The Article 5 Principles: The Backbone of the GDPR

The Article 5 Principles: The Backbone of the GDPR

The Article 5 Principles: The Backbone of the GDPR

Aiming for GDPR compliance? Start by reading and understanding the seven principles that appear in Article 5.

The GDPR’s “principles of data processing” underpin all the law’s other provisions—get the principles right, and you’ll have a solid foundation for properly implementing every obligation relevant to your business.


Lawfulness, Fairness, and Transparency

  • Always identify a “legal basis” for using, collecting, or sharing personal data.
  • Use people’s data in ways they would reasonably expect.
  • Be honest and open about how you use personal data.


  • Determine the appropriate legal basis for any processing activity—for example, getting consent for cookies or sending unsolicited marketing.
  • Consider other legal obligations that run alongside the GDPR.
  • Maintain a comprehensive privacy policy, and provide other notices where required.


Purpose Limitation

  • Only use or collect personal data for “specified, explicit, and legitimate” purposes.
  • If you need to process personal data for further purposes, ensure they are consistent with your original purpose for collecting the data.


  • If you’ve collected personal data to carry out a transaction, you can’t automatically re-use it for marketing.
  • For some purposes, it’s better to use non-personal or anonymised data.
  • State your purposes in your privacy policy, collection notices, and consent requests.


Data Minimisation

Only collect and use data that is “adequate, relevant, and limited to what is necessary.”


  • Want to send someone your newsletter? You probably only need their email address—don’t ask for any other data unless you need it.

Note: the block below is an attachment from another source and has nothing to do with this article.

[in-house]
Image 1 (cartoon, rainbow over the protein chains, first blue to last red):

• Take regular audits of the personal data you’re storing and delete anything you don’t need.
  • Don’t overload your website or app with unnecessary cookies and trackers.



Make sure the personal data you control is accurate and up to date.


  • Have a system for updating employees’ or customers’ personal data—for example, when they move house or change their email address.
  • Respond quickly when someone requests to correct inaccurate personal data.
  • Make sure you inform data processors about any changes you’ve made to records of personal data, where appropriate.


Storage Limitation

Don’t keep personal data for longer than you need it.


  • When someone closes their account with your company, you might be able to delete all their personal data—or you might need to retain some for specific purposes.
  • Make sure you’re obeying any data retention laws—for example, regarding employees’ salary data.
  • Tell people how long you intend to store their data at the point that you collect it.



Use “technical and organisational measures” to keep personal data secure.


  • Maintain clear internal policies relating to data protection and security.
  • Protect personal data using technical measures like multi-factor authentication (MFA), encryption, and access controls.
  • Make sure everyone on your team understands their data security obligations—including when working from home.



You’re responsible for your compliance with the GDPR’s principles—and you must be able to demonstrate your compliance.


  • Make sure you have a clear, documented programme for achieving and maintaining GDPR compliance.
  • Appoint staff members to data protection roles—such as by appointing a Data Protection Officer and EU or UK Representative, if necessary.
  • Keep records of your data processing and decision-making activities.

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